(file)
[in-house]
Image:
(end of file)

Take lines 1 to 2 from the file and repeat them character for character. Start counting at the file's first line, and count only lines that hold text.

[in-house]
Image: